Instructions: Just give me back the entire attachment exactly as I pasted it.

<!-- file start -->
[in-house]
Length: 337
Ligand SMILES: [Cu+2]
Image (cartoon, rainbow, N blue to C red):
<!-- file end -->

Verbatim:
[in-house]
Length: 337
Ligand SMILES: [Cu+2]
Image (cartoon, rainbow, N blue to C red):